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May

Thank you to Alpha Phi Delta Fraternity, Gamma Xi Chapter, at... Read more

16
May

Thank you Northford Women's Club for running a fundraiser for ASRC... Read more

16
May

Thank you Amped Fitness in East Granby for running an in-house... Read more

16
May

A BIG Thank you to the Elementary School in Killingworth... Read more

 

 

 

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Check this page regularly for information about events, programs, support groups and other autism-related activities taking place throughout Connecticut.
You can suggest an announcement here.

Autism Speaks is thrilled to announce that this year, 1,045 iPad Airs will be awarded to financially disadvantaged individuals with autism. The application is now open!

Eligible applicants are individuals who:

  • Have been diagnosed with Autism Spectrum Disorder by a licensed professional
  • Reside in the United States
  • Have limited income and cannot afford to purchase an iPad

The timeline is below:

Starplex Cinemas Berlin 12 offers sensory-friendly screenings of the latest movies on the second Saturday of each month at 10:00 AM. Sensory-friendly screenings provide special families an opportunity to enjoy a family-friendly film in a safe and warm environment. Auditoriums are adjusted with lights a bit brighter, sound a little softer and no one minds if audience members dance, sing, or walk around during the movie. Families can feel relaxed and comfortable enjoying the movie experience together.

In collaboration with Planned Parenthood of Southern New England and DDS Self Advocate Coordinators; the Healthy Relationship Series will be held in all three DDS regions in Connecticut. The Relationship series is a 6 session course dedicated to the topic areas of making, developing, and maintaining healthy relationships. Consumers must participate in all 6 sessions. The first session of the series will include an overview of the material to be covered. Support staff should plan on attending and participating in the first session.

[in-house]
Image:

AMC is proud to partner with the Autism Society to bring you unique movie showings where you can feel free to be you! We turn the lights up, and turn the sound down, so you can get up, dance, walk, shout or sing!

The Sensory Friendly Film program is now being expanded to four showings per month.

Pennsylvania State University is conducting a research study on how online education can help families of children with autism spectrum disorder (ASD). This program, intended for parents and other family members of individuals who have been diagnosed with ASD within the past three years, consists of five modules, which cover what autism is, treatment options, behavioral management, stress management, and how to navigate systems of care. Participation in this study is entirely voluntary, and one participant will be randomly selected to win a $25 online gift certificate.

Yorktown High School in Yorktown Heights, NY is conducting a research study on stress and parenting children with autism -- what aspects of caring with an autistic child are most stressful, how parents handle stress, and how support groups for parents address these issues. The goal of this research is to help develop a new model of support groups and training workshops that emphasize effective stress-reduction strategies.

The Sesame Workshop has announced it is introducing a new Sesame Street character, a preschooler with autism named Julia. She is being introduced as part of an initiative to take the stigma out of autism and help those who deal with the developmental disorder by having someone to relate to. According to the Associated Press:

Opportunity to participate in schizophrenia and autism research:

This study is being conducted by researchers at the Olin Neuropsychiatry Research Center in Hartford Hospital and at Yale CMHC; and is funded by the National Institute of Mental Health.

The Wright Institute in Berkely, California is conducting a study on the possible environmental risk factors that contribute to autism spectrum disorders, and is asking parents to complete two surveys about exposure to chemical pesticides and other environmental toxins. Because the incidence of autism has increased dramatically from 1 to 1000 about 15 years ago to 1 in 68 today, some researchers believe that pollutants in the environment, rather than genetic factors, are a significant contributing factor.

Help us understand the human brain! Help us understand autism!

Dr. Inge-Marie Eigsti from the Department of Psychology at UConn is doing research on communication and learning abilities. We are enrolling children ages 3-5, and also adults ages 18-35 with Autism Spectrum Disorder.